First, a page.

Ira Hayes


    The term hero according to Webster’s is “any person esp. a man, admired for courage, nobility, or exploits, esp. in war.”   That word will cause Ira Hayes to face a greater conflict than any battle that he fought during the war.   He now had to fight an internal war with his conscience where the only escape would be the bottle.   Ira Hayes never felt that he was a hero.   The men that he left on that volcanic island in the middle of the Pacific were the heroes, he was just lucky to survive.   As with most men who are declared heroes, he just felt that he had done his duty and answered the call of a nation to be a noble warrior.
    “At Sacaton, Arizona on January 12, 1923, Joe and Nancy Hayes were the parent of a newborn son.   Another Pima Indian had been brought into the world to carry on the proud traditions of his Tribe.   They named him Ira Hamilton Hayes.”[1]   Ira was the oldest of four sons.   His father was a farmer and “Ira’s mother was a strong dominating women who was the force of for her family.   She placed education high on her list of priorities, always visiting Ira’s school to check on his progress.”[2]   Racial prejudice was constants reminder to Ira that he would never be treated as an equal.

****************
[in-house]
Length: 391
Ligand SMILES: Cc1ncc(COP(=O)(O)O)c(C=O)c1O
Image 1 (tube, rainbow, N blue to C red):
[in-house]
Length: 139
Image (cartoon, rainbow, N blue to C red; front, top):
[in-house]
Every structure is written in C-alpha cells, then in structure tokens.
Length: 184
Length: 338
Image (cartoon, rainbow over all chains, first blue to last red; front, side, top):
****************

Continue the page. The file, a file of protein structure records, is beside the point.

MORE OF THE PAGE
“In 1940, when he was a teenager, Ira was sent to Phoenix Indian School, a government – run boarding school for Native American.”[3]   Ira was a shy boy and felt out of place.   Ira was very good at sports such as baseball and football, but his shyness kept him in the back ground.   The boarding school that Ira attended did not let the students go home during the year and Ira was extremely lonely and at night would write letter back home to his parents and brothers.   While at school Ira was an average student.
    “It was a quiet, lazy Sunday morning.   The date was December 7, 1941.   The American people went about their routines in a normal fashion.   Only several weeks remained until Christmas and most families were preparing...